Ma taught the gateway chemistry class at S&T for nine years, primarily to freshmen. He would begin his first lecture saying, “How many of you hate chemistry? Raise your hand.” When a third of the class or more indicated their dislike, he would issue a challenge. “If you can convince me that your future career does not have a link with chemistry at all, you will automatically get an A in chemistry.” No one took him up on his challenge, but he was successful in getting students to see the value of what they learned in his class.

Leading the way

Ma held sessions similar to LEAD (Learning Enhancement Across Disciplines) before he knew there was such a program. During his 11-year stay at Truman State, which was his first faculty position after his doctorate, he connected with students by offering evening sessions in classrooms to go over problems with whomever showed up.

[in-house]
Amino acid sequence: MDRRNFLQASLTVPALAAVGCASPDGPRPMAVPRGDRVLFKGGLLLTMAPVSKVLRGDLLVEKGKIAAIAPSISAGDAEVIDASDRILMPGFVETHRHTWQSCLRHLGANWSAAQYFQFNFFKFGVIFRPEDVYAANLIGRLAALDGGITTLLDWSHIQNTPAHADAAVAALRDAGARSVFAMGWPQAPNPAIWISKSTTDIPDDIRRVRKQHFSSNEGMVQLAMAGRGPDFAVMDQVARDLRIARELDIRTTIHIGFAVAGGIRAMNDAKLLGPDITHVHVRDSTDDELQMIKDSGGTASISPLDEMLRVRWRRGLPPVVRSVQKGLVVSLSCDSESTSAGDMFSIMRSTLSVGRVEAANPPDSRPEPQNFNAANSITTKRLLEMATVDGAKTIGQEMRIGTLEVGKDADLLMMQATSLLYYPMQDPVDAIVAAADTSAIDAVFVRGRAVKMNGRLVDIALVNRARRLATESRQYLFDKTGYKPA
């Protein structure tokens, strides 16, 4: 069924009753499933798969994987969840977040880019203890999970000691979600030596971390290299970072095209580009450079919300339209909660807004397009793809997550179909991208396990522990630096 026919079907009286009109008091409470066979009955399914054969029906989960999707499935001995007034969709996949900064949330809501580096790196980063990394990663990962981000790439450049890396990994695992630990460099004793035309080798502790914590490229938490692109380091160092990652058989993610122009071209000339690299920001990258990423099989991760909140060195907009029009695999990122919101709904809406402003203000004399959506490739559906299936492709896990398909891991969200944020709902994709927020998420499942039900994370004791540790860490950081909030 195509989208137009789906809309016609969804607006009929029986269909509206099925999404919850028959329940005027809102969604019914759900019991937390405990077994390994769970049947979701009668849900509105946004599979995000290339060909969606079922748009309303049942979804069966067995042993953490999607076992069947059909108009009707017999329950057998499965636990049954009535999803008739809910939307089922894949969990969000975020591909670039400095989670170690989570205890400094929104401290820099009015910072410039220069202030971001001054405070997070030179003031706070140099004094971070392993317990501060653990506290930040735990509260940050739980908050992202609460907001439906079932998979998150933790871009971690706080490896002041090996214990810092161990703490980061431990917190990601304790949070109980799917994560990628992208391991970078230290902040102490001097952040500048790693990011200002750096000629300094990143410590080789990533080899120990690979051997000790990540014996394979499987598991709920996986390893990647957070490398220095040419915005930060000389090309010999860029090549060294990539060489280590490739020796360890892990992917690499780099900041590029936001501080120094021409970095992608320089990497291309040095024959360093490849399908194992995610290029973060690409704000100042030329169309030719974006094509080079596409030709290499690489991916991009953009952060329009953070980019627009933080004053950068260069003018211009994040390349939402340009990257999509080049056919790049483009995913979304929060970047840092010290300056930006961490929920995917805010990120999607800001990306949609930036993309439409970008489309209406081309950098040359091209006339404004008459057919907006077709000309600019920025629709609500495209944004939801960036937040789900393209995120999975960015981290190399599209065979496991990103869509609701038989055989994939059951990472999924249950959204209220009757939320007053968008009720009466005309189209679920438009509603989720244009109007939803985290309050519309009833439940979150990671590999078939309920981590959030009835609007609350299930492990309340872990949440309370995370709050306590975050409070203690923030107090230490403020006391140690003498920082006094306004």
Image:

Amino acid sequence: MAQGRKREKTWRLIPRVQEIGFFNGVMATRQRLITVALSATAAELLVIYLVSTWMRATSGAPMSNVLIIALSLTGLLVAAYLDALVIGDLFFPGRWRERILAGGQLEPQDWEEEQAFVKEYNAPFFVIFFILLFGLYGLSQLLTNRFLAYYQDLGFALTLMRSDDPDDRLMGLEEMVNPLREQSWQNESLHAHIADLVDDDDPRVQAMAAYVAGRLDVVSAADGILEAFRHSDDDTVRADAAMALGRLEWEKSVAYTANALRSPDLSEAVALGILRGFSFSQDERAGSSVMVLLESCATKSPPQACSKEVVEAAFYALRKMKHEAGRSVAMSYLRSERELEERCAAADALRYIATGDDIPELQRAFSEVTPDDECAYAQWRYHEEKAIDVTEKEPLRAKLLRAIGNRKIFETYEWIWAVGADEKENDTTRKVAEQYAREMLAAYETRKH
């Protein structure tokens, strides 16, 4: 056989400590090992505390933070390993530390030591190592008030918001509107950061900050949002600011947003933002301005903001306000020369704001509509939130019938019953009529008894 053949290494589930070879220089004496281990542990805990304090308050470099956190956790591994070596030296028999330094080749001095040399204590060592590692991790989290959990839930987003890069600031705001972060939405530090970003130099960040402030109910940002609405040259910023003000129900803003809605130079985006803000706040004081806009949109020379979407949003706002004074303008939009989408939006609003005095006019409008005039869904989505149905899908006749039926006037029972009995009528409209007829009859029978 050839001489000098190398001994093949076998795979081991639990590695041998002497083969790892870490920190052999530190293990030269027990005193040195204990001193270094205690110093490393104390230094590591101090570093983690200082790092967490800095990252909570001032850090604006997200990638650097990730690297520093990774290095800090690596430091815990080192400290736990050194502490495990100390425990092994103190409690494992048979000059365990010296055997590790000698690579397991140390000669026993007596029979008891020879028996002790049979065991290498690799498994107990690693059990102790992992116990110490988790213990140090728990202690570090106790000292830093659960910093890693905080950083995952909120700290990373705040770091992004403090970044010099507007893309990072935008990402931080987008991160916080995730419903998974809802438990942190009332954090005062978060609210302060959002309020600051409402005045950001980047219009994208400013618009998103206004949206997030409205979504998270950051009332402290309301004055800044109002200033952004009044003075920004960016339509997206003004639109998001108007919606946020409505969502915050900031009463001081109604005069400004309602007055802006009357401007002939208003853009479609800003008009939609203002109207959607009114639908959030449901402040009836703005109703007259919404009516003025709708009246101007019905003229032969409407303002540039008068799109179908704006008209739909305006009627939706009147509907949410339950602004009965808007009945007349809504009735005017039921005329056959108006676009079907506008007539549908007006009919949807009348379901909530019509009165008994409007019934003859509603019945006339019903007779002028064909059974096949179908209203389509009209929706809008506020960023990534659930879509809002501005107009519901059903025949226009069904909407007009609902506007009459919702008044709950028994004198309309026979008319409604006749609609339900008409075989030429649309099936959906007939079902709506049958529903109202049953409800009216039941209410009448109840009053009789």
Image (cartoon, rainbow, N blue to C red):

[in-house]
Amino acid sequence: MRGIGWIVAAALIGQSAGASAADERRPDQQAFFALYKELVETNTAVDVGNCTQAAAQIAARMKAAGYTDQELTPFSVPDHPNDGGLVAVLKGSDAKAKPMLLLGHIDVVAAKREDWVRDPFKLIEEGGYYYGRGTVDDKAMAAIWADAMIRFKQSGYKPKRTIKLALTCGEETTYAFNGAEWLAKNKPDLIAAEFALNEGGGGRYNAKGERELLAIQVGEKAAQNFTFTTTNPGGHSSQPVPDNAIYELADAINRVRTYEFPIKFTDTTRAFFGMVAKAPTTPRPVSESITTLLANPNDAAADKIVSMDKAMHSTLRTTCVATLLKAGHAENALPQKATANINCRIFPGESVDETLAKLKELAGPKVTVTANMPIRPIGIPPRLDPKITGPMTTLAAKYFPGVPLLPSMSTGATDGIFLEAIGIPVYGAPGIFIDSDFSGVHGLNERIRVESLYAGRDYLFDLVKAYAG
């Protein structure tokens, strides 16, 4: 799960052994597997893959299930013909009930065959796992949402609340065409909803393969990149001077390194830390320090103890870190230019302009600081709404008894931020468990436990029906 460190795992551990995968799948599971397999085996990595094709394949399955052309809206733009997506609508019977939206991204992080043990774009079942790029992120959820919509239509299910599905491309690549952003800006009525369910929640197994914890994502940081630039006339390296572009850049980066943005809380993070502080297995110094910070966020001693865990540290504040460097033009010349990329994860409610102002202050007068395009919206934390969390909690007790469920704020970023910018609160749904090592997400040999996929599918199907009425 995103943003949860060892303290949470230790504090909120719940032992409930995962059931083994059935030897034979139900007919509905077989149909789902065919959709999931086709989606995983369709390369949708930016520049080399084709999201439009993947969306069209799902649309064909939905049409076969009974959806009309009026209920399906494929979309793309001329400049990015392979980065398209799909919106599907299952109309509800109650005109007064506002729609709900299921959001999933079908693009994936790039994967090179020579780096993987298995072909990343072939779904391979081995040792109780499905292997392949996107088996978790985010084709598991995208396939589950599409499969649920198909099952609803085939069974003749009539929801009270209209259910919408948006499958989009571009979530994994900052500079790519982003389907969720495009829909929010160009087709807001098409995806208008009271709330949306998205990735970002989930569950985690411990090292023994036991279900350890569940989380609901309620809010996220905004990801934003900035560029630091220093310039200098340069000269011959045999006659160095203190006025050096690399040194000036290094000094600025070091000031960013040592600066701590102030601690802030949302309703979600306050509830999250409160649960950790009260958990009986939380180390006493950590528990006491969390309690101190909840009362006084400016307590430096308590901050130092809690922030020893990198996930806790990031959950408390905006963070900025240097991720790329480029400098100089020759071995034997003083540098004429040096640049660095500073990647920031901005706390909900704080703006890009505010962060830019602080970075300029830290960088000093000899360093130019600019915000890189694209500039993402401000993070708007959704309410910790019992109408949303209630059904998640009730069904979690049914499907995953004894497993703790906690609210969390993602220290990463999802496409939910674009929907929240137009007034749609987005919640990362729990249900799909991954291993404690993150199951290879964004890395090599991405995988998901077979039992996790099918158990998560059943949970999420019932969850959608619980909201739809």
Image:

“I put students in groups to discuss problems and then discussed them on the board,” he said. “I would give prizes and have competitions. I built an environment for students to come and learn. I found out that when you can generate interest, they won’t be bored; they will spend the extra time. Just work with them.”

Ma compensated for his still-developing English skills by using the chalkboard to write profusely so he could communicate as clearly as possible. He won all of the teaching awards Truman State offered, including the most prestigious one offered from the campus, Educator of the Year, in 1996.

In moving to S&T in 2002, Ma continued with his love of teaching/mentoring students and added cutting-edge research in cancer detection.

Mentoring faculty